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Kiely v. Kiely

Superior Court of New Jersey, Appellate Division

November 19, 2013

PATRICIA KIELY, Plaintiff-Respondent,
v.
FRANCIS KIELY, Defendant-Appellant

NOT FOR PUBLICATION WITHOUT THE APPROVAL OF THE APPELLATE DIVISION

Submitted October 21, 2013

On appeal from Superior Court of New Jersey, Chancery Division, Family Part, Hudson County, Docket No. FM-09-1768-93.

Karen Kirchoff Saminski, LLC, attorneys for appellant (Thomas Sidoti, on the brief).

Respondent has not filed a brief.

Before Judges Harris and Kennedy.

PER CURIAM

Defendant appeals from that portion of a Family Part order entered on August 31, 2012, which denied, in part, his motion to declare his daughter emancipated. The order declared that his daughter "is emancipated for the period from July 8, 2011 through January 26, 2012, and is determined to be unemancipated effective January 27, 2012." Defendant argues that the motion judge erred in "not finding [the daughter] emancipated as a matter of law" and in determining that the daughter's failure to enroll and/or inconsistent attendance at any school after she withdrew from high school in 2009 constituted a "hiatus under the case law."

For reasons expressed hereinafter, we reverse that portion of the Family Part order declaring the daughter "unemancipated" as of January 27, 2012, and we remand the matter to the Family Part for further proceedings consistent with this opinion.

I.

Plaintiff and defendant were married and had two children, one of whom, the daughter, was born in 1993. A judgment of divorce was entered on September 14, 1993, dissolving their marriage and granting "primary residential custody" of the children to plaintiff and requiring defendant to pay weekly child support. At some point, defendant moved to Florida, but remained, more or less, in contact with the children and duly made his child support payments.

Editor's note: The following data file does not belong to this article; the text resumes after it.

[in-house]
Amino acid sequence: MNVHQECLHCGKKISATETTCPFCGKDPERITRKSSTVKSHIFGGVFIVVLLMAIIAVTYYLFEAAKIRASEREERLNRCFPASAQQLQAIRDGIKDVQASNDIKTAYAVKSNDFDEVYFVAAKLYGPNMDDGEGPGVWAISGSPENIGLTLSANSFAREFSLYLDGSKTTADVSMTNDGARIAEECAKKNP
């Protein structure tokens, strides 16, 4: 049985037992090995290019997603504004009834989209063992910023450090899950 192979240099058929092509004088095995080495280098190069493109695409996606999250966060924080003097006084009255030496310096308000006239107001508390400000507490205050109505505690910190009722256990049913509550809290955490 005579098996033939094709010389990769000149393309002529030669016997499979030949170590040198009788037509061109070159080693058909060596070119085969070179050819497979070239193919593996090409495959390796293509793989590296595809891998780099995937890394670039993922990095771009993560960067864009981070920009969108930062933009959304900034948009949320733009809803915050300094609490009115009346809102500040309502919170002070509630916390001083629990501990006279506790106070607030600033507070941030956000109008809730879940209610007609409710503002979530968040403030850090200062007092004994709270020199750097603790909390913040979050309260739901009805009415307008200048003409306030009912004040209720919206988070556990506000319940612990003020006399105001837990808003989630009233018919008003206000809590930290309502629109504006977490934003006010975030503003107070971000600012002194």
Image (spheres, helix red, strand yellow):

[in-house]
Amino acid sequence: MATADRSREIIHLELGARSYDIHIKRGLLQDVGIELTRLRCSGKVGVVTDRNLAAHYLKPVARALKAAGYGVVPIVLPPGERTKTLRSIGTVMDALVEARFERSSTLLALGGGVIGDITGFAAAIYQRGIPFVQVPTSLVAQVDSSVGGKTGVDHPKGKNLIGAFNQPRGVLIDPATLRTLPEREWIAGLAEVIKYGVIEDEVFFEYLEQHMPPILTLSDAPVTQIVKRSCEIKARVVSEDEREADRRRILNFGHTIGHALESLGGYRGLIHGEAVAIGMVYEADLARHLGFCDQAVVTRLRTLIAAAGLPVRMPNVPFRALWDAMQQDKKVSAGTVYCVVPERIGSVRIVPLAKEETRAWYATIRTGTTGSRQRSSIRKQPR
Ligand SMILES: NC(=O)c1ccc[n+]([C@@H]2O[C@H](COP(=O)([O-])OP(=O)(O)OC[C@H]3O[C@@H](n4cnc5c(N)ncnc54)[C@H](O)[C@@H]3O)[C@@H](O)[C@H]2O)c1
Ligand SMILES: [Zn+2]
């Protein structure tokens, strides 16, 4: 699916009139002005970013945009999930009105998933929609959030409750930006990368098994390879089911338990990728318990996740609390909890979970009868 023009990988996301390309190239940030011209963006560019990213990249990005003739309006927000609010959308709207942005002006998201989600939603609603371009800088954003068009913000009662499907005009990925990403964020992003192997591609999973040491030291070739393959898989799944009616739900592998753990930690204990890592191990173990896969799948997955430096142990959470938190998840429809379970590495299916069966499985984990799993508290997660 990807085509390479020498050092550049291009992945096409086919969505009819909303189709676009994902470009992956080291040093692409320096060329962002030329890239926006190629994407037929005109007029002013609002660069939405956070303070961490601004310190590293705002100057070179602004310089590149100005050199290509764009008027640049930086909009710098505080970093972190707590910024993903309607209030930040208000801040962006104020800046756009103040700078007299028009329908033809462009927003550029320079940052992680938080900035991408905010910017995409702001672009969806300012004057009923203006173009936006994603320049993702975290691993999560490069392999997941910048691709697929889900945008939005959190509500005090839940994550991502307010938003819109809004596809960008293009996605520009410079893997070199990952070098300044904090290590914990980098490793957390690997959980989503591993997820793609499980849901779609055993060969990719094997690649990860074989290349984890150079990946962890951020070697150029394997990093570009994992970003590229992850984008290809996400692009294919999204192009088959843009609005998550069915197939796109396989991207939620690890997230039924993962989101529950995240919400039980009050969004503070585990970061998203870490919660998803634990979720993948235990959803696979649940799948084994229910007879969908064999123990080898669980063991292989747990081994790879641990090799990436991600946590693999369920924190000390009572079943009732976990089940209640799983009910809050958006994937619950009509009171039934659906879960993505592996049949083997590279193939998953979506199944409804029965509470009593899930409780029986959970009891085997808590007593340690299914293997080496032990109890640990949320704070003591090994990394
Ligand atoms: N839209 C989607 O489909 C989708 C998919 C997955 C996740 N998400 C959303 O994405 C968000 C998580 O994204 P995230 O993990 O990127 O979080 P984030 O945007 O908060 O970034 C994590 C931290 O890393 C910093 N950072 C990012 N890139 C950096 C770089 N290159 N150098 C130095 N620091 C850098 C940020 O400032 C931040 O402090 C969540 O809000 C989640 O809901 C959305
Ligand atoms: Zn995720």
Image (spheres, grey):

In September 2009, the daughter, then seventeen years of age, withdrew from the public high school she had attended since 2006 because, as she later explained, she was simply "indifferent" to school. In fact, due to her excessive "lates and absences" she had earned relatively few course credits while attending the high school.

After learning of the daughter's withdrawal from school, defendant filed a pro se motion to have the daughter declared emancipated. On July 8, 2011, another Family Part judge denied defendant's motion, explaining that while "there is a question" about the daughter's "good faith efforts" to enroll in a high school equivalency program, the daughter nonetheless had not "moved beyond the sphere of influence and responsibility exercised by her parents[.]" Defendant chose not to appeal that order, but instead engaged counsel to file a new motion seeking the same relief.

On November 3, 2011, defendant, represented by counsel, filed another motion seeking to have the daughter declared emancipated, as well as other relief. At a conference prior to a plenary hearing, the motion judge ordered the parties to exchange discovery. Later, finding that plaintiff had not provided discovery and had apparently made misrepresentations pertaining to discovery, the judge "removed" plaintiff as a party and ordered the daughter to be substituted in her place.[1] The judge also ordered the daughter to provide discovery to defendant. A plenary hearing on the daughter's emancipation was thereafter held on May 31 and July 31, 2012.

The transcripts from both hearings indicate plainly that discovery remained outstanding on each occasion. Also, while some discovery was apparently provided just prior to the start of the July plenary hearing, defendant's counsel stated it was still incomplete and ...


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